Figure 3.
 
Influence of TGFβ on cells anterior to the lens equator. Serial sagittal sections of lenses from eyes injected with vehicle (A, C, and E) or TGFβ (B, D, and F) were viewed by phase-contrast microscopy (A, B) or used for immunofluorescence localization of laminin (C, D) or type I collagen (E, F). Control lenses retained normal packing and alignment of the fiber cells (A). In lenses exposed to TGFβ, subcapsular plaques developed (B). The fibers surrounding the plaques appeared swollen, and some retained their nuclei (arrowheads), while in other areas fibers appear to degenerate and form large homogeneous regions (asterisk). The control lens displayed a normal distribution of laminin in the lens capsule (C) and no specific reactivity for type I collagen (E). The lens exposed to TGFβ showed strong reactivity for laminin in the lens capsule and in matrix-like deposits in the subcapsular plaques (D). A fine band of laminin reactivity was also detected at the plaque–fiber interface (arrowheads). Strong reactivity for type I collagen was also associated with the matrix-like deposits in the subcapsular plaques (F). Scale bar, 24 μm.
Figure 4.
 
Influence of TGFβ on cells at the anterior pole of the lens. Sagittal sections of lenses from an eye injected with TGFβ were stained with hematoxylin-eosin (A) or used for immunolocalization of β-crystallin and nuclear counterstaining (B). A large vacuole was observed at the anterior pole extending from beneath the epithelium into the cortex (A). A residual plaque was located above the vacuole with cells embedded within the lens capsule, which was irregular and uneven in its thickness (A, arrows). The fiber cells surrounding the vacuole appeared disrupted and swollen. Immunolocalization of β-crystallin revealed the extent of the swelling and disruption in the fiber cells (B). Stained nuclei were unevenly distributed in the region overlying the vacuole (B, arrows). Scale bar, (A) 30μ m; (B) 60 μm.
Figure 4.
 
Influence of TGFβ on cells at the anterior pole of the lens. Sagittal sections of lenses from an eye injected with TGFβ were stained with hematoxylin-eosin (A) or used for immunolocalization of β-crystallin and nuclear counterstaining (B). A large vacuole was observed at the anterior pole extending from beneath the epithelium into the cortex (A). A residual plaque was located above the vacuole with cells embedded within the lens capsule, which was irregular and uneven in its thickness (A, arrows). The fiber cells surrounding the vacuole appeared disrupted and swollen. Immunolocalization of β-crystallin revealed the extent of the swelling and disruption in the fiber cells (B). Stained nuclei were unevenly distributed in the region overlying the vacuole (B, arrows). Scale bar, (A) 30μ m; (B) 60 μm.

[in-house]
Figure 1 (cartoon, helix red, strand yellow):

Figure 5.
 
Influence of TGFβ on cells at the posterior pole of the lens. Sagittal sections of lenses from eyes injected with vehicle (A, C) or TGFβ (B, D) were stained with hematoxylin-eosin (A, B) or left unstained and viewed by phase-contrast microscopy (C, D). No nucleated cells were present at the posterior pole of the control lens (A) and the fiber cells were aligned and tightly packed (C). The lens exposed to TGFβ had numerous nuclei present at the posterior pole (B, arrowheads). The fiber cells in this region appeared swollen and rounded and were no longer aligned (D). Nuclei appeared as rounded or elongated bright areas (D, arrowheads). Scale bar, (A, B) 40μ m; (C, D) 25 μm.
Figure 5.